Tuesday, October 11, 2011

William Henry Studio Pinot Noir Pen

Coming up on a big posting milestone (teaser) and this is the first article about a pen that I don't own or haven't written with (unfortunately) but I felt the need to spend the time on this one.

I received a press release last week about the new RB8-Eyrie pen and it caught my eye.  So here's the gist...someone had the brilliant idea to make the fancy pen parts out of American Pinot Noir grapevine wood.   Grapes are to wine as pens are to paper... so really, it's a natural move.  I had had a few memorable bottles of wine in my life and this seems perfect.

You had me at wine...and pens.  I set a meeting up and spoke with Dave Boeckel, The CEO of William Henry Studio and he offered some insight into the background on this beast. Please click on the link to the press release  for all the juicy details.

First of all, here's the pen:
Nice, Right?

And Here's the interview..

Who's idea was it to create this pen?
My friend Jason Lett of Eyrie Vineyards showed up a couple of years ago with a pickup full of what looked like small tree limbs and asked if I wanted it.  When I found out it was some of the original Pinot vines I said yes immediately.   We then spent 2 years drying it before we tried to even make something (in reality I got a little impatient and had the studio make a proto pen for myself last summer to see what it would look like and if it would hold up.  I have carried it ever since).  So you can really say the idea came from both of us.
What was the number one factor in deciding on the details of the pen?  Function, style, uniqueness? etc?
Matt Conable (our owner and designer) has an amazing fantastic eye for material combinations.  He chose all of the details in order to make the pen beautiful and really celebrate the pinot vine.  No matter what materials we choose we always insist that function is never compromised.  He is also the designer of everything we make and is responsible for the Wave-lock closure system that we all like so much.
Side note-we spent months working with Swarovski who supplies all of our gems finding the perfect Pinot colored topaz. 
Has anyone ever built a pen like this before?
Not to the very best of our knowledge.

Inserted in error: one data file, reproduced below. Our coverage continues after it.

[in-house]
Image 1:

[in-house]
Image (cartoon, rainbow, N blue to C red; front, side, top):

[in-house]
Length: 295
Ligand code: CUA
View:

Do you think this pen is meant to be used or put on display?
We truly hope that everything we make is used by this generation and passed on to the next to also be used.  We understand that some items are owned and admired simply for their beauty, but we strive to create items that become even more treasured when used for their intended purpose. 
Mightier than the sword?
Tough one.  I own lots of pens and lots of knives and there are times when one or the other is a better choice for the task at hand.
Follow up:  what's the determining factor?
Strictly what I am doing at that moment, but I must admit that I have opened a number of packages in airports with my pen (since I can no longer carry my pocket knife when flying) and I have never written a note with my knife. 
Any thoughts on making this type of pen into a fountain pen?
Are you a pen junky? 
I owned lots of pens before we ever started to make them (Montegrappa, Delta, Mont Blanc, Marlin, Faber Castell, Pelikan). That whole form and function thing really appeals to me.
Own any fountain pens?
A couple, but I mainly carry and write with roller balls out of convenience.
Ok, pop quiz.. your desk is on fire,  you can grab one pen before you leave the office what is it? (other than the pen we are talking about)
I have another Proto that I am testing.  My crew would not be happy after all the work they put in on it if I let it go up in flames.

Do we even discuss Merlot? Yes or no?
These are amazing pens, but the new closer system on the rb8 and f8 cabernets are much cooler.  Simple answer-No

End of Interview... back to my rambling.
I see the real challenge with creating this type of pen.  Aesthetically, it needs to be near perfect, but it also needs to appeal to the pen aficionado who might feel the need to fire this up and write things down.

The bad news... I don't think that I will be the owner of the 100 of these that are being produced..  The good news.. there are still artists and craftsmen that appreciate the need for a high end heirloom type of pens and create them out of love.  

Here's the link to view the pen on their website.http://www.williamhenrystudio.com/product-detail.cfm?knife_id=1970#

Big huge plans in the works for Good Pens. A contest, did I mention a milestone? and more pen reviews.

Enjoy your day.


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